It has now been discovered that while fluoride ion introduction has been viewed as usually effective in preventing the abnormal crystal growth, it is in fact the presence of chloride ion which causes the "white specking" or "nubbing". Further, an increase in chloride ion without a corresponding increase in fluoride ion will increase the frequency and severity of white specking. It will be appreciated that the art heretofore was wholly indiscriminate with regard to chloride level and the ratio of chloride to fluoride.
It is commercially impractical if not impossible to remove all chloride ions from such processes. This is a result of the many sources of such ions, including, for example: reaction products of chlorate accelerators, and other impurities; intentionally added salts such as the ferric chloride as suggested in U.S. Pat. No. 3,240,633 (discussed above); inert sodium chloride and other similar bulking or anti-caking agents and additives; make-up water, and the like.
Accordingly, the present invention relates to a method for providing an improved phosphate coating on zinc surfaces. The improvement comprises employing solutions and baths with a select fluoride:chloride ratio.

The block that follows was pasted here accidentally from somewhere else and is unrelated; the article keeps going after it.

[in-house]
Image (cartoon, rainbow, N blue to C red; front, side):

The present invention relates to an improved method for coating a zinc surface comprising treating said surface with an aqueous, acidic solution containing:
(a) about 0.5 to about 4 percent phosphate ion;
(b) an ion selected from the group consisting of zinc ions, manganese ions, and mixtures thereof, said ions being present at a level sufficient to form dihyrogen phosphate with substantially all of said phosphate ions; and
(c) about 0.01 to about 1 percent complex fluoride ions; wherein the weight:weight ratio of complex fluoride ions:chloride ions in said solution is at a value of about 8:1 or greater.
It is preferred that the ratio of complex fluoride ion to chloride ion (F- :Cl-) in said solution to be maintained at a value of greater than about 8:1, preferably greater than about 10:1, and more preferably greater than about 14:1. The select weight:weight complex fluoride:chloride ratio substantially eliminates the abnormal crystal growth frequently found in treated surfaces while at the same time reduces the need for excess fluoride.